III. THE MONTANA SOCIAL NORMS PROJECT
The Montana Social Norms Project (MSNP) was started in 1998 with a grant from the Montana Department of Transportation. At that time, social norms campaigns had already proven successful at reducing high-risk drinking at several college campuses nationwide.18 This initial grant allowed MSNP to begin implementing its pioneering effort to apply social norms theory to a large, statewide, non-campus population.
Implementing the first statewide social norms campaign called for the development of a model allowing for the application of successful social norms strategies on a wider, macro level. The Montana Model of Social Norms Marketing 7 is a seven-step process that combines social marketing with the social norms approach to prevention. It is a social norms marketing model that can work on statewide level for a variety of issues, turning social science into social action by correcting misperceptions and building upon the positive attitudinal and behavioral norms that already exist in a culture. The Montana Model has been the foundation of several other MSNP campaigns, on issues ranging from tobacco use among teenagers to adult safety belt use.
In the spring of 1998, MSNP formulated and conducted the first Montana Young Adult Alcohol Phone Survey, a statewide phone canvass of 500 18-to-24-year-olds.8 Subjects were asked questions about their own alcohol consumption and a companion set of questions about their perceptions of the drinking behaviors of their peers. This survey was used to determine whether misperceptions existed in this statewide population of young adults.
The young adults in this sample overwhelmingly reported moderation - or even total abstinence - as their predominant drinking behavior. Eighty-one percent reported they consumed four or fewer drinks during a typical night out, or chose not to drink at all. The average amount consumed by men was three drinks; for women, the average was two drinks. The average perception of the norm was quite different. Young adult men and women in Montana perceived that men their age were typically consuming seven drinks and that women their age were typically consuming five. In regard to drinking after driving, only 15 percent reported that they had driven within one hour of consuming two or more drinks during the previous month, but 96 percent believed that the average Montanan their age had done so. In spite of their own widely reported moderate behavior, respondents greatly over-exaggerated the frequency of excessive drinking and the prevalence and acceptance of driving after drinking among their peers. This result is just what social norms theory predicts: that individuals tend to exaggerate the rate at which their peers engage in dangerous behaviors, and simultaneously underestimate the ways in which community behavior mitigates towards health and safety. Figure 1 displays the extreme disparity between the actual norm, based on the aggregate of reported personal behaviors, and the perceived frequency of driving after drinking among the surveyed population.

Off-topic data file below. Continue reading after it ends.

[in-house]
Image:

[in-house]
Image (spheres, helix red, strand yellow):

Based on these findings, MSNP crafted a social norms campaign around the message that most 18-to-24-year-old Montanans drink four, fewer or no drinks at all in a typical night out. The campaign was designed to reduce heavy alcohol consumption among Montana's young adults, with the expected effect that if drinking levels were reduced, the incidence of dangerous driving after drinking would also decrease. The message was disseminated through free media (such as public service announcements), posters, and the involvement of campus and community leaders.